I dun gone and dun it! - I went to the ROM and checked out the skins. One major highlight was checking out the Long Point Carolina Chickadee from 18 May 1983!!!! I'm sure you can figure out why...
Here it is! -
Looks like a Carolina Chickadee to me?! - I had recently been sent a copy of Parkes 1988 paper on the skin (Ontario Birds) and was surprised to see he changed to subspecies to the northerly one! (published as the southerly in the OBRC report). Made a HUGE difference in my books!
These skins always seem to be a bit of a mess, so one couldn't tell delicate features like the bib size/shape (proven to be remarkably variable within single individuals when using photos) - but overall it was awesome to see. I wanted to check the shade difference between the greater coverts (centres) between Carolina and Black-capped while I was there - listed as black in BCCH and gray in CACH in the new Crossley Guide. When using the skins, it proved to be useless.
Another major item on my "to-do" list was CACH tails! We identified it as a problem that our Pelee bird showed white edges to the outer rects. Online photo proved otherwise, and the skins reinforced this. Northerly CACH often show white edges - including the Long Point Bird (seen near the base of the tail here). It is NOT a problem with CACH!
In fact, this bird (all images of the Long Point bird) actually look considerably WORSE (in my opinion) for Carolina than the bird we photographed at Pelee... Don't get me wrong, I believe it's a Carolina - I just think its noteworthy that this bird looks "more" BCCH-ish than ours. Note the colourful sides in the above photo! Our bird had virtually no colour left (CACH is less colourful than BCCH).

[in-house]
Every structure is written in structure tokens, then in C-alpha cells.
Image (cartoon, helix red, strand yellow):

Also (continued from the above note) - the greater coverts actually showed more pale edging than our Pelee bird as well (which is very low contrast and gray) - another feature that is more BCCH-ish...
A few more photos:
Below - two Carolina Chickadee skins showing LOTS of white tail edging...
Below - the Long Point Carolina Chickadee (below) a very pale female Black-capped Chickadee (also from May at Long Point) -
The same Black-capped Chickadee (as above) - shown below, with the greater coverts revealed... They show bold white edging, showing the dramatic difference between the two species... All BCCH and CACH skins at the ROM showed this difference.